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Ma & Pa Railroad flood damage costs $170,000

LOWER CHANCEFORD TOWNSHIP, Pa. -- The Maryland and Pennsylvania Railroad in Southern York County was one of the many places hit from this summer's flooding. Now the historic York County railroad is using an annual Christmas tradition to get back on track.

Inside the A.M. Grove Store in the Village of Muddy Creek Forks you'll find a telephone room, post office, and a ticket window. Built in 1899, it was one of the largest general stores in Eastern York County. You wouldn't need a time machine to see what it looked like 100 years ago.

"When people come to Muddy Creek Forks, as they come down the hill, they're coming into a village where everything that they see was here in 1917," Craig Sansonetti, President of the Ma & Pa Railroad Preservation Society, said. "And the general appearance really hasn't changed at all."

The Ma & Pa Railroad was a short line that ran between York and Baltimore.  Along it's route were 50 stations in a 78 mile railroad. It was very central to life at the time.

"Ya know, I often think that our children today know more about the Colonial Period, than they do about what life was like for their great-grandparents," Sansonetti said.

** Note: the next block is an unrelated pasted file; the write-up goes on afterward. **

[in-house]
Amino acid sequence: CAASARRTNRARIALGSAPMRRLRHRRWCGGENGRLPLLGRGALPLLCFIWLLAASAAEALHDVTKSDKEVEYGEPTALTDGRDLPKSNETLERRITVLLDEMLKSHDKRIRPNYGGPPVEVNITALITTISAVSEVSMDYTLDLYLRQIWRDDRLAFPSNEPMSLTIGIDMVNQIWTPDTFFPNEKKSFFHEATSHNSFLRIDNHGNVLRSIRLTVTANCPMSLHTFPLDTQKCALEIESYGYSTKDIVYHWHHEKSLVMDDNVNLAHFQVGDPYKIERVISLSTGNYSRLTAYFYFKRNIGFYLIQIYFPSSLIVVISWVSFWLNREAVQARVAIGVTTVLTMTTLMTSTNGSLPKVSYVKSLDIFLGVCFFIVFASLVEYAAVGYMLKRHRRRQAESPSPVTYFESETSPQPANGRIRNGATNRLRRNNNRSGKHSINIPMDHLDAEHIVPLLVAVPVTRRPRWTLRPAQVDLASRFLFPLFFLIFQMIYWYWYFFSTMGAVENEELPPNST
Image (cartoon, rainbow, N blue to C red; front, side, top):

But on August 31st, the Ma & Pa railroad Heritage Village was hit hard with 10 inches of rain in less than two hours. Leaving behind a muddy basement, destroyed bridges, and 700 feet of track pushed to the side.

"Well when something like that happens you look at it and you say, 'what are we going to do'?" Jean Sansonetti, said.

Fast forward three months, they are still flooded with problems. The cost to fix it all? $170,000.

"Our focus then has always been, since the flood, has been how are we going to raise the money that we need," Jean said.

Each year, the Ma & Pa Railroad Preservation Society hosts a program called Christmas City Express. It features a dramatic reading of a Christmas story, crafts, antique trains, and a night time ride. The profits this year will be devoted to flood repair. They're hoping to get their organization, and trains, back on track.

"I've been involved in this for more than 30 years," Sansonetti said. "It's something that means a great deal to me, certainly my hope is that we can build the institutional strength in this museum that it's going to go on long after I'm gone."

For information on dates and how to get tickets to the Christmas City Express program, click here.

 

To donate visit their Gofundme page.

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